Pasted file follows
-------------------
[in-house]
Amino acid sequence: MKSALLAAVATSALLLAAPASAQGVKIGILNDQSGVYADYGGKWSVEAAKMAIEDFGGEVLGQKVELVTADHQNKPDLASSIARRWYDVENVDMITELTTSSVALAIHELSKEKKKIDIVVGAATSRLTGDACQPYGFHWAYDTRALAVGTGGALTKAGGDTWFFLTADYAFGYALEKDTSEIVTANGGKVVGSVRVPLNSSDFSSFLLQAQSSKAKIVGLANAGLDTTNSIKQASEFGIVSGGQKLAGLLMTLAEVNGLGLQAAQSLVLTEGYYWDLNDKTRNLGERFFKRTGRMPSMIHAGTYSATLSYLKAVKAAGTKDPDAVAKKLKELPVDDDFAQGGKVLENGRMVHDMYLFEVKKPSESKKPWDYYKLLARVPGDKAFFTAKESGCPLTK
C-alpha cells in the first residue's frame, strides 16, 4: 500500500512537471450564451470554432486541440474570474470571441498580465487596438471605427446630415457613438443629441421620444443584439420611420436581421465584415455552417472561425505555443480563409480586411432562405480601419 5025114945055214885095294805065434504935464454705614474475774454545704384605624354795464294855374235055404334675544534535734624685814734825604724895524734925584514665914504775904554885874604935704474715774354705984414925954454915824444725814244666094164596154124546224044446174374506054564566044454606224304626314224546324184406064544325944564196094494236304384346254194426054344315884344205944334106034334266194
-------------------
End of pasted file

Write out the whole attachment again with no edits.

[in-house]
Amino acid sequence: MKSALLAAVATSALLLAAPASAQGVKIGILNDQSGVYADYGGKWSVEAAKMAIEDFGGEVLGQKVELVTADHQNKPDLASSIARRWYDVENVDMITELTTSSVALAIHELSKEKKKIDIVVGAATSRLTGDACQPYGFHWAYDTRALAVGTGGALTKAGGDTWFFLTADYAFGYALEKDTSEIVTANGGKVVGSVRVPLNSSDFSSFLLQAQSSKAKIVGLANAGLDTTNSIKQASEFGIVSGGQKLAGLLMTLAEVNGLGLQAAQSLVLTEGYYWDLNDKTRNLGERFFKRTGRMPSMIHAGTYSATLSYLKAVKAAGTKDPDAVAKKLKELPVDDDFAQGGKVLENGRMVHDMYLFEVKKPSESKKPWDYYKLLARVPGDKAFFTAKESGCPLTK
C-alpha cells in the first residue's frame, strides 16, 4: 500500500512537471450564451470554432486541440474570474470571441498580465487596438471605427446630415457613438443629441421620444443584439420611420436581421465584415455552417472561425505555443480563409480586411432562405480601419 5025114945055214885095294805065434504935464454705614474475774454545704384605624354795464294855374235055404334675544534535734624685814734825604724895524734925584514665914504775904554885874604935704474715774354705984414925954454915824444725814244666094164596154124546224044446174374506054564566044454606224304626314224546324184406064544325944564196094494236304384346254194426054344315884344205944334106034334266194